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Teacher's Guide
Unit Two: Pioneer
Arrow Activity Tasks

Students will:

  • define pioneer.
  • learn about Dr. Jane’s pioneering research methods.
  • read a chapter from Dr. Jane’s book, In the Shadow of Man, to view her research in action.
  • research basic information about the animals they choose to study.
  • conduct observations.
  • prepare a formal lab report.
  • enrich the lives of their subjects.
  • complete journal entries discussing how their culture treats captive and wild animals.
Arrow Dr. Jane’s Lesson
While Dr. Jane was studying chimpanzees in Africa, she developed methods of research no one had used before. Many researchers strongly disagreed with her and did not take her seriously. Despite this criticism, Dr. Jane recognized that her methods were very effective, so she continued to use and improve them over the years. Students can review this early part of Dr. Jane’s researching years and learn that it is possible to have the courage to do something no one has done before and, if it is effective, continue to do it despite criticism from others.

Arrow Duration
  • Part 1 – 15 minutes
  • Part 2 – 2 hours
  • Part 3 – Time will vary depending on chosen enrichment activity
Arrow Materials
  • Notebook paper
  • Data sheets
  • Pen or pencil
  • Hard surface for writing
  • Miscellaneous materials to create enrichment items
Arrow Connecting to the Content
People learn best by doing and in this section, students study an animal of their choice just as they would if they were ethologists. They are given the chance to pioneer their own form of notetaking in a free-form method and then organize the information with data sheets commonly used today. Part of being an effective researcher is improving the lives of the research subjects when possible. Students are encouraged to take on this responsibility by creating enrichment materials for the animals they study.

Arrow Procedure

Part 1: Explore Dr. Goodall’s Pioneering Chimpanzee Research

  1. Direct the class to Merriam-Webster’s Online Dictionary to find the definition of pioneer. Direct students to the word’s etymology and variety of meanings.
  2. Have students view Dr. Jane’s scrapbook to learn about her pioneering method of research.
  3. Ask the class to read a chapter from Dr. Jane’s book, In the Shadow of Man. Ask them why Dr. Jane’s first two big discoveries were so important. Do they have a sense of their importance for Dr. Jane and the scientific community at large?

    Part 2: Collect Data

  4. Have the class research basic information about the animals they choose to observe.
    • If they are observing chimpanzees, have them access resources listed on the Observer primate research project page.
    • If they are observing other animals, have them use the library or internet to learn basic information about their animals.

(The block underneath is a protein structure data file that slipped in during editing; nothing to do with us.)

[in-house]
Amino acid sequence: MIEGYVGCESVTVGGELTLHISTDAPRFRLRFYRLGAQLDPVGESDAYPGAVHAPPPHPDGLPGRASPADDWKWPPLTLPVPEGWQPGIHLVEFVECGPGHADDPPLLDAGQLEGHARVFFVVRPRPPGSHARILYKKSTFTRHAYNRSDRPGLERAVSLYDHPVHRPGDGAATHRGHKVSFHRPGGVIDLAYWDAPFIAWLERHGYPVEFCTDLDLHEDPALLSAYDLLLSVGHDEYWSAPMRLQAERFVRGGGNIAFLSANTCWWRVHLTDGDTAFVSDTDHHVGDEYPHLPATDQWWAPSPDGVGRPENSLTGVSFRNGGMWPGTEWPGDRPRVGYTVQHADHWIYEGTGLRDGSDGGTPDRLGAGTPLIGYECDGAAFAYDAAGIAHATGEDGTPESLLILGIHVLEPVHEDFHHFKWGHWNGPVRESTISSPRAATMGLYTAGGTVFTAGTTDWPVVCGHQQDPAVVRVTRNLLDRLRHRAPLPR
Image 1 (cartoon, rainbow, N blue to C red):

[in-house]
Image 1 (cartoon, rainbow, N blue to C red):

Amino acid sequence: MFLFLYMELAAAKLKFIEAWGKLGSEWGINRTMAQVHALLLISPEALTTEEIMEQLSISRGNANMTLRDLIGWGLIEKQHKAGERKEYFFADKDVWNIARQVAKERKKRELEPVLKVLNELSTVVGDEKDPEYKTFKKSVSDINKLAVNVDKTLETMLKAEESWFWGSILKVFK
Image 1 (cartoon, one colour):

5. Tell students to find one behavior they are particularly interested in observing.
  6. Have students divide into groups of two and go to their research sites. Students record all categories of animal observation on regular lined notebook paper. One person records the behavior of one individual and the other person records the behavior of the whole group.
  7. Direct the class to record their observations on their data sheets.
  8. Have students prepare a formal report of their observations and invite them to share their findings with the class. Each report should contain a hypothesis, procedure, data, drawings, and conclusions.

    Part 3: Help Improve Lives of Animals

  9. Challenge students to think of ways they can improve the lives of the subjects they studied. Refer them to the online resources and projects provided.
  10. Have the class create the enrichment objects (primates in captivity or animals in the community).
  11. Have students reflect on their culture and recent captive animal observations. How do they feel captive and/or wild animals are treated in this culture? Have them write down their reflections in their journal entries.
Arrow Assessment

Have students:

  • demonstrate the meaning of the word pioneer.
  • demonstrate their knowledge of the animals they chose to observe.
  • explain if they had a preferred method of taking free-form notes and share their results.
  • share either the enrichment items they created or their plans for building enrichment.
  • share how they feel captive and/or wild animals are treated in this culture.
Arrow Extensions
Students may choose to have an ongoing project similar to Amelia’s Wild Friends.

Arrow Terms
  • Ethologist – Person who studies animal behavior.
  • Habituating – To make used to something; more specifically, the process ethologists use to accustom the animals they are studying to human presence, done by continually putting themselves in the vicinity of the animals; enables ethologists to get close enough to view the animals and increases the chance of seeing natural behaviors.
Teacher's Guide
Unit One
  ArrowTree Exercise
Unit Two
Unit Three
Unit Four
 Related Topics:
  ArrowABC's of Chimp Behavior
  ArrowDr. Jane's Scrapbook
  ArrowMultiple Intelligences
  ArrowOnline Dictionary
  ArrowTree Sketching Guide
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